• Identify the international high-quality assurance standard “ISO 18788: Management System for Private Security Operations” as an approved alternative to the American standard “ANSI/ASIS PSC.1-2012” currently required by DFARS clause 252.225-7039.

No comments were received from the public in response to the initial regulatory flexibility analysis.

This final rule will apply to defense contractors performing private security functions outside of the United States in designated operational areas under DoD contracts. According to data available in the Federal Procurement Data System for fiscal year (FY) 2013, DoD awarded 159 contracts that required performance outside the United States, although not necessarily in a designated operation area, and cited the National American Industry Classification System code 561612, Security Guards and Patrol Services, of which 33 contracts (21%) were awarded to small businesses. In FY 2014, DoD awarded 123 such contracts, of which 31 contracts (25%) were to small businesses.

The private security contractors are required to report incidents when: (1) A weapon is discharged by personnel performing private security functions; (2) personnel performing private security functions are attacked, killed, or injured; (3) persons are killed or injured or property is destroyed as a result of conduct by Contractor personnel; (4) a weapon is discharged against personnel performing private security functions or personnel performing such functions believe a weapon was so discharged; or (5) active, non-lethal countermeasures (other than the discharge of a weapon) are employed by personnel performing private security functions in response to a perceived immediate threat. As a regular record keeping requirement, private security contractors are required to keep appropriate records of personnel by registering in the Synchronized Predeployment Operational Tracker the equipment and weapons used by its personnel. The complexity of the work to prepare these records requires the expertise equivalent to that of a GS-11, step 5 with clerical and analytical skills to create the documents.

There are no known significant alternatives to the rule. The impact of this rule on small business is not expected to be significant.

VI. Paperwork Reduction Act

This rule contains information collection requirements under the Paperwork Reduction Act (44 U.S.C. chapter 35). The Office of Management and Budget (OMB) has assigned OMB Control Number 0704-0549, entitled “Defense Federal Acquisition Regulation Supplement (DFARS) part 225, Foreign Acquisition, and Defense Contractors Performing Private Security Functions Outside the United States.”

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List of Subjects in 48 CFR Parts 216, 225, and 252

  • Government procurement
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Jennifer L. Hawes,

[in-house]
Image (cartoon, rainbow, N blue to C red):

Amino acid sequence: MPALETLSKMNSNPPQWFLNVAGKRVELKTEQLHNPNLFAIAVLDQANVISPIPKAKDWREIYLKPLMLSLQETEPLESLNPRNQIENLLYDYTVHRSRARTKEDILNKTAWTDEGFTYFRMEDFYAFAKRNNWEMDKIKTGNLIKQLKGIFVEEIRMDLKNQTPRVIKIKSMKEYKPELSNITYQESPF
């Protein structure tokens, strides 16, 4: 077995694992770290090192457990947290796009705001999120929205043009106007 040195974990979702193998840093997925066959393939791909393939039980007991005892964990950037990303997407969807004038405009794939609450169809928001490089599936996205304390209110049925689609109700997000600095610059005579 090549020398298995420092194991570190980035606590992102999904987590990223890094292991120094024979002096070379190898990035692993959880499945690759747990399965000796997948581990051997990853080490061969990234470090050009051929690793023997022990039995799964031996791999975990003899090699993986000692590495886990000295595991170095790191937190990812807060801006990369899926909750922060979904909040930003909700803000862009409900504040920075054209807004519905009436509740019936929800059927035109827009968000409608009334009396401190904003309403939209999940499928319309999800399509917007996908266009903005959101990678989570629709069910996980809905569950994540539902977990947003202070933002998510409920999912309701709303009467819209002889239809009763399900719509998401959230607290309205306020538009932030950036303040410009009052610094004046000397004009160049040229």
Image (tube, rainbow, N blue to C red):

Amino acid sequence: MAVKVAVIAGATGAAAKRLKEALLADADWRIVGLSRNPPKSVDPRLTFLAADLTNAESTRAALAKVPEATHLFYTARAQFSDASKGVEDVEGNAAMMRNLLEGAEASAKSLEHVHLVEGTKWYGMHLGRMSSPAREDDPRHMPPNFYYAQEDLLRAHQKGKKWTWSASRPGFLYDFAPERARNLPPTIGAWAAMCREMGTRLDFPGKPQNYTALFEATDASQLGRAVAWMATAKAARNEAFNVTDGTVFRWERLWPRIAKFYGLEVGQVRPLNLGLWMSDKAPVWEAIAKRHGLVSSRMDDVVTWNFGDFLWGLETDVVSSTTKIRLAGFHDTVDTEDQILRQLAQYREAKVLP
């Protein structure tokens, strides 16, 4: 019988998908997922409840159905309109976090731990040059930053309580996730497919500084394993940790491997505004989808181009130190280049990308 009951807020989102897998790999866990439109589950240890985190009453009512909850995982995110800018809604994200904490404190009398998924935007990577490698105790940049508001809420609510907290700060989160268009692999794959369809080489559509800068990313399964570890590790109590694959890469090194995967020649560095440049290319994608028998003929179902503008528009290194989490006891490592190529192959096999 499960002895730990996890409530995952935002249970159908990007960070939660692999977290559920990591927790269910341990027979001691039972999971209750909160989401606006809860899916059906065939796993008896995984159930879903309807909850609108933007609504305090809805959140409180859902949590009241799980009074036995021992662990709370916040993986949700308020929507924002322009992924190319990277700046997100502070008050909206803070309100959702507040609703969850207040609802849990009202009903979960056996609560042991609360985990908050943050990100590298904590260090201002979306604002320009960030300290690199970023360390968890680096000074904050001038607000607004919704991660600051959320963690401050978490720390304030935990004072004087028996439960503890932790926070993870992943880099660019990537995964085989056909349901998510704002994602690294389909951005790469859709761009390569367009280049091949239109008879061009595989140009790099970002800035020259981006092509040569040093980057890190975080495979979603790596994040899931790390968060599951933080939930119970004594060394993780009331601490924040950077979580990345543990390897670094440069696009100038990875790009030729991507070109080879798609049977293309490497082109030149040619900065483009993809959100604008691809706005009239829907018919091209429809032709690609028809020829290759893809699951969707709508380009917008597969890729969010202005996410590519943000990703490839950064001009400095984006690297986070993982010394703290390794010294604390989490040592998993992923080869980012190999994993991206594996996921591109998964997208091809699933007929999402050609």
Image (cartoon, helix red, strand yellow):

Editor, Defense Acquisition Regulations System.

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Therefore, 48 CFR parts 216, 225, and 252 are amended as follows:

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1. The authority citation for 48 CFR parts 216, 225, and 252 continues to read as follows:

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Authority: 41 U.S.C. 1303 and 48 CFR chapter 1.

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PART 216—TYPES OF CONTRACTS

[Amended]
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2. In section 216.405-2-71, amend paragraph (b) by removing “FAR 52.225-26, Contractors Preforming Private Security Functions” and adding “252.225-7039, Defense Contractors Performing Private Security Functions Outside the United States” in its place.

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PART 225—FOREIGN ACQUISITION

[Amended]
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3. Amend section 225.302-6 introductory text by removing “Outside the United States,” and adding “Outside the United States, instead of FAR clause 52.225-26, Contractors Performing Private Security Functions Outside the United States,” in its place.

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PART 252—SOLICITATION PROVISIONS AND CONTRACT CLAUSES

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4. Amend section 252.225-7039 by—

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a. Removing the clause date “(JAN 2015)” and adding “(JUN 2016)” in its place; Start Printed Page 42561

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b. Redesignating paragraphs (a) and (b) as paragraphs (c) and (f), respectively;

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c. Adding new paragraphs (a) and (b);

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d. Revising newly redesignated paragraph (c);

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e. Adding paragraphs (d) and (e);

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f. In newly redesignated paragraph (f), removing “paragraph (b)” and adding “paragraph (f)” in its place.

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The additions and revision read as follows:

Defense Contractors Performing Private Security Functions Outside the United States.
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(a) Definitions. As used in this clause—

Full cooperation—(1) Means disclosure to the Government of the information sufficient to identify the nature and extent of the incident and the individuals responsible for the conduct. It includes providing timely and complete response to Government auditors' and investigators' requests for documents and access to employees with information;

(2) Does not foreclose any contractor rights arising in law, the FAR or the terms of the contract. It does not require—

(i) The contractor to waive its attorney-client privilege or the protections afforded by the attorney work product doctrine; or

(ii) Any officer, director, owner, or employee of the contractor, including a sole proprietor, to waive his or her attorney-client privilege or Fifth Amendment rights; and